As per my observations for the last 1 year it was time to go for Murali. I checked the stats in cricinfo and they supported me: From 1st Jan 2009 till date (18th July 2010), Murali has taken only 23 wickets in 8 tests against opposition (excluding Ban or Zim). His average in these tests is 47+ (almost double his career avg) and his strike rate was 89 (much increased from the customary 50's). He was too great a bowler to be bowling to ignore that year-and-a-half long signal - getting to milestones matters less than being of value to the team. In this case, probably he is only just holding his place in the team (but still not a burden) - and a great cricketer needs to step back when it comes to that stage.

As usual I backed myself up with stats there. But I confess that I would not have been able to state the above with any conviction had Murali himself not called it a day.
And what about limitd overs cricket? Well I believe he may just have a role to play in the 2011 50 overs WC. but T20 is also going beyond least that was my first thought while watching Murali a few times in Chennai Super Kings matches of IPL-3. He was not quite the Murali we saw in the first edition of IPL.

Thursday, July 15, 2010

Sachin: Then, now and forever

This video shows how a sixteen year old Sachin spoke in front of TV in 1989, just before international cricket happened to him.

And this one shows how he spoke at age 36 in an interview with Boria Mazumdar in 2009, celebrating completion of Sachin's 20 years in international cricket.

180204 AD:
Manidus (descendent of humans, but more advanced) have found a 21st century relic. After research work they find it is related to the greatest sportsperson of the most populous country of that time, India. The man had lived till the exact age of 100. As a special honour to the man, 21st century society had stored Sachin's face and his smile for posterity using a technique similar to the one used to save mummies in ancient Egypt.

The Manidus people had also restored and watched video records of some on field performances as well as off-field interviews of this man. All agreed on one point: it was amazing that the man's smile remained the same at age 100 (as seen in the relic) as it used to be at age 16. Textbooks of the time confirm that the Sachin the person indeed remained remarkably unaffected by all external factors, including the numerous major developments he saw in his personal life as well as in the world he lived in. The people find it amazing that the story in the textbook can be so readily understood by one look at the expression on his face.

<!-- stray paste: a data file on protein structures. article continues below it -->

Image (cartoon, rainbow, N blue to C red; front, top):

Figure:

Within months of its discovery "Sachin's smile" becomes greatly popular as an old world relic in the Manidus world, surpassing the fame of Indus Valley civilisation relics - like the bust sculpture of Mohenjodaro priest, the bronze dancing girl from Mohenjodaro and bull engraved Harappan seals - amongst the earlier humans.

Some interesting quotes came through in that 1989 interview, by the way. He liked fast bowling (even the 80's West Indies variety) as 'the ball comes straight on to the bat'.

On an unrelated point, I watched this 'rare' video on recordings of Don Bradman's strokeplay. Some of the comments referred back to the suggested similarity of Don's game to Sachin's before degenerating into a pointless debate - and I must confess I got drawn into it to leave a comment or two.

Looking at the shots I believe the first one (cover drive, recorded from a match) reminds us most of Sachin. In two other shots - the 2nd one (step out and drive straight down) and 4th one (square on the off) - the initial movements of Don remind us of Sach but then the Australian ends the shots very differently. Our seasoned eyes just cannot imagine Sachin stepping out to drive the ball down the ground and yet NOT play a lofted drive.

UPDATE: Just found a better video of those 4 recorded Bradman shots. Also no ugly debate going on in the comments there (not when I read it), hence left no comments...